My phone’s battery is getting flaky. It won’t hold a charge for as long and it runs out quick in cold weather. So I’m on-line looking for a battery and then I think I ought to just junk the thing and upgrade. My phone is one of these:
Yes, it’s a dumb phone. Or in the marketing jive they use these days, a “feature” phone. What the fuck does THAT mean? Problem is, I like my phone. I like my cheap plan. I make and receive a few calls. I make and receive a few texts. That’s it. That’s all I use it for. I don’t navigate. I don’t play games. I don’t take pictures (it has a camera). I don’t access the web. I don’t app.
I don’t have a problem with any of those things. I just don’t need ’em. When I’m out at the pub quaffing pints I don’t need to look anything up or follow any events. I just like to drink my beer, bullshit with the locals and the barmaids, and enjoy the general goofiness going on around me. Lots of other folks are tapping screens, talking to Siri, and doing other smartphone stuff. After all, the new phones are really portable computers. I like computers and I even have a laptop that I can travel with. But I like to sit in a comfortable chair and not have any distractions while I do my computing. That mostly consists of blogging, checking email and Facebook, and surfing around reading and doing research on things that interest me. I don’t have to do any of those things when I’m out socializing.
Sometimes I worry that my aversion to a fancy new phone is making me a neo-Luddite. Horrors! No self-respecting science nerd ought to be accused of Luddism. I’m not a techno-phobe. After all the miracle of the world wide web is making my virtual dialog with you possible. Think of the enormous technological infrastructure required to make that happen! I’m all for it. But a couple of things keep me from advancing from dumb to smart in the phone department.
One, cost. My phone is really cheap. I like that. I don’t use it much, so why should I spend a lot of money? My cars are all paid for and I don’t drive that much. Perfect match, don’t you think? Two, I use my computers quite a bit when I’m home. I need a break from them when I go out. Three, I like to be free of stuff when I’m out and about. I’m a guy. I don’t have a purse or a murse or a bag or anything except pockets. I try to keep it simple: wallet, money clip, keys, handkerchief. It’s bad enough dealing with reading glasses or sunglasses or a comb or lip balm or a jacket & hat or what-have-you. I don’t need any more shit to lug around. My current phone is pretty small, so if I do have to carry it I can fit it in a small pocket. I like that.
I got to thinking about this notion that the gigantic international computer network that we are a part of contains “all the knowledge of humanity” and that we can “access it at any time” with our mobile devices. Well, OK. It beats carrying around the Encyclopedia Britannica. But any collection of human information, achievement, and wisdom must also surely contain human misinformation, failure, and stupidity. Those are at least as abundant as the other. Why would I want to enhance those things? All human individuals already carry around with them the idiocy of the race. To be fair, individuals also possess the virtues of the species. The computer does not sort the good from the bad. Just the opposite: everything is equal is cyberspace. The human user has to impart judgement and separate the wheat from the chaff. The sublime from the shit.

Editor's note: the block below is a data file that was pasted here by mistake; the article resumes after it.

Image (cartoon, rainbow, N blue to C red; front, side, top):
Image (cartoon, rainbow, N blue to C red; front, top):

A computer can’t help me do that. At least not right now. Right now we are in the Stone Age of the bio-cybernetic revolution. I don’t have any fear of trans-humanism, cyborgs, or artificial intelligence. We’ve got a long way to go before we understand the mind sufficiently to enhance it. Note I said “enhance” and not “improve”; one does not presume the other. Like I said even the iPhone is a Stone Age implement. It’s the first glimpse of a potential future, but it’s the equivalent still of flint-knapping in the grand scheme of things. The technological interface will someday be seamless and invisible and won’t require advertising carpet-bombing to convince anyone to participate.
The last thought that sticks with me is the ubiquity of the Google search. The word is now generic. You can google anything. And if you have your smartphone you can google anytime and anywhere. But googling just gives us answers to questions that are already known. It’s Jeopardy! stuff, usually. Don’t get me wrong. I google all the time. Beats flipping through the almanac. But we still google things that already exist and we just need to find them. We are riffling through the file cabinet. The greatest filing cabinet of all time, to be sure, but still just a filing cabinet.
Steven Chu, the eminent physicist (1997 Nobel Prize, former director of the Lawrence Berkeley Lab, former Secretary of Energy, on the faculty at Stanford) was once asked if he liked puzzles. No, he said, he didn’t like spending time on things in which the solution was already known. What a wonderful attitude! He liked thinking about things that NEEDED solutions.
That’s what I want to do. Think things that haven’t been thunk. Create. Invent. Imagine. I do that just fine right now. And it’s easy enough—later—to compare what I thunk up with stuff others have done and are doing. That’s what the web is for and it’s great for that. But I can wait until I get home to do it.